The adage, “Don’t worry, be happy,” captures the essence of the first-ever metastudy of the relationship between happiness and heart health. Based on a comprehensive review involving 200-plus studies, researchers at the Harvard School of Public Health, in Boston, concluded that a positive outlook on life could help protect the heart from cardiovascular disease.
Julia Boehm, Ph.D., and Laura Kubzansky, Ph.D., discovered that certain psychological traits—optimism, positive emotions and a sense of meaning—both offer measurable protection against heart attacks and strokes and slow the progression of cardiovascular disease. The pair found that the most optimistic individuals had approximately 50 percent less chance of experiencing an initial cardiovascular event compared with their less upbeat peers.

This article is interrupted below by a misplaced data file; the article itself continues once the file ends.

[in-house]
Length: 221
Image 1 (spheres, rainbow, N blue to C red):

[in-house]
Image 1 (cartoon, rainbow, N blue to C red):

“The absence of the negative is not the same thing as the presence of the positive,” notes Boehm. “Psychology has been trying to fix what’s wrong with people, but there’s also an increasing interest in what people might be doing right.”